Kaiser is the Director of Company Development at the Oregon Shakespeare Festival in Ashland. Participating in 24 seasons at OSF, Kaiser has contributed to almost 100 productions, including all 38 Shakespeare plays. 

Love's Labor's Won opens on November 13 and runs through November 23. Alumni of Seattle University are invited to watch the production. Tickets may be purchased in-person at the Lee Center Box Office or at for $10. 

Kaiser’s theatre production at Seattle University is made possible by the Pigott Family Endowment for the Arts.

Love's Labor Won
Lee Center for the Arts 
Showing from November 12-23,2014

Wed-Sat: 7:30 p.m.
Sun: 2:00 p.m.


Alumni Survey Results

Posted by Caitlin Joyce on November 5, 2014 at 9:11 PM PST

We asked and you answered. In June an electronic survey was sent to all alumni asking for input on how to improve your university and alumni experience. Thank you to all who took the survey! We are giving you a sneak peak into the key findings from the survey.  Look for more details about the results and how we are taking action in the winter edition of the Seattle University Magazine.

Key Findings

Alumni are highly satisfied with their educational experience. 

Alumni value their relationship with Seattle U, but don’t feel strongly connected. 

Recent alumni strongly value their relationship with Seattle U and see opportunities for improvement in career services and professional development programs.

Graduate alumni are more loyal to and involved with the university than their undergraduate counterparts.

Alumni most value career and professional development programs and services.

Alumni engage most often by reading the Seattle University Magazine and alumni emails and want more invitations to events.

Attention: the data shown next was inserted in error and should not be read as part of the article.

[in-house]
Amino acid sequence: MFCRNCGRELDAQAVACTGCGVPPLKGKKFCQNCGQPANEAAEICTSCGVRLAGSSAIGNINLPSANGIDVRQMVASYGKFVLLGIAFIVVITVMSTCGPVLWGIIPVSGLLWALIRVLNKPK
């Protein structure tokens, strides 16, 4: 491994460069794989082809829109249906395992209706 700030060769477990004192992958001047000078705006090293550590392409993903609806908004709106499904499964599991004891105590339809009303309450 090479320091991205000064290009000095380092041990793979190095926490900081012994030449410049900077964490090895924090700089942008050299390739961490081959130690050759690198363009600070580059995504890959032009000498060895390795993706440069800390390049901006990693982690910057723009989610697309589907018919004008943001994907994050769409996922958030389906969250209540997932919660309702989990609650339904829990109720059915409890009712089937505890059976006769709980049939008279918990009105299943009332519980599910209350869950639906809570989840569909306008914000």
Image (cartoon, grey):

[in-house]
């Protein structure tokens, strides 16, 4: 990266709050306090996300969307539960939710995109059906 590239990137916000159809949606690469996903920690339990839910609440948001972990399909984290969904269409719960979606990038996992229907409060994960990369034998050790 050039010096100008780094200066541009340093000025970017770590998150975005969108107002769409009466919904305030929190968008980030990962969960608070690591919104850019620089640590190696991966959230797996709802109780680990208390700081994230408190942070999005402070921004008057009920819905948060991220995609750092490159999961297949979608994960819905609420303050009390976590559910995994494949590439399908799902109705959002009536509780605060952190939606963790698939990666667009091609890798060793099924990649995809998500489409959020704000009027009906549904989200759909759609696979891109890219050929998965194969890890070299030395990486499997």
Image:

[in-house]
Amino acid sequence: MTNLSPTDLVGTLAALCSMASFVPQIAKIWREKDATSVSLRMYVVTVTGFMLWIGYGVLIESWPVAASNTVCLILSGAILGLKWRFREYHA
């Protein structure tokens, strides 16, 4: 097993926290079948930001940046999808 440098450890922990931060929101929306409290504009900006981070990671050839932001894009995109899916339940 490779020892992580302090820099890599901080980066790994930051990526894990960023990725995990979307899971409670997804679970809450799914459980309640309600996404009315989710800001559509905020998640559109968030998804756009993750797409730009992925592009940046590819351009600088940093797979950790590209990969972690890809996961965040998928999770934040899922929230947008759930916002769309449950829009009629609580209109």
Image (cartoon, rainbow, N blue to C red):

Survey Raffle Winners

All respondents who entered, had the chance to win one of five $100 gift certificates to the Seattle U Bookstore.  Congratulations to our lucky winners, Laura Hurst, Carol Everson, Nellie Calacat, Mark Kitna and Adam Neal!  

In addition, everyone who entered will receive two free tickets to the Homecoming men’s basketball game on Saturday, February 7, 2015.  We’ll be sending more information about how to get your tickets soon.  Mark your calendars now for a fun weekend!  


Out of Office: Daily Reflection Tools for Busy, Working People

Posted by Caitlin Joyce on November 5, 2014 at 9:11 PM PST

Many alumni, who are working in careers from education to law, to corporate and non-profit, are seeking how to make faith and spiritually a part of their everyday lives. The practice of being a Contemplative in Action takes work, but is doable… and often necessary.

What would it look like if you put an “Out of Office” message on your work email at lunch, found another space to be in, and took some time to reflect on the day thus far? Might that be a different idea than what you had in mind when you think of “prayer” or “meditation”? 

Chris Lowney, author of Heroic Leadership  and Pope Francis: Why He Leads the Way He Leads, writes about the need to find meaning in the midst of the business and busyness of life: “Precisely when my corporate life was busiest did I really, really need to allow time for reflection… But you have to commit to it. If it is not a habit, it doesn’t happen because other more pressing (if ultimately less important) tasks will always crowd recollection from the schedule. Ten minutes of personal space can always wait; finishing the memo always seems like it can’t.”

There are so many variations of daily reflection tools, particularly the Ignatian Examen, that are made to suit different styles and schedules, even for the busiest of professionals. For example, Randy Hain, Senior Editor for The Integrated Catholic Life™, and author of The Catholic Briefcase: Tools for Integrating Faith and Work, has developed an Examen for Busy Business People which is broken down throughout the day. It includes five brief times (three to five minutes each) where you pause to either give thanks, pray for insight, find God in all things, ask for what is needed, and plan for tomorrow.

Or, there is the Lunchtime Examen.

by Jim Manney, author of A Simple, Life-Changing Prayer: Discovering the Power of St. Ignatius Loyola’s Examen. Jim leads you through an audio Examen with slides which you can view and listen to at your desk, as well as with an accompanying journal page (so no need to even leave the office!) It’s great if you are a habitual eat-at-your-desk type, or can’t leave your work space.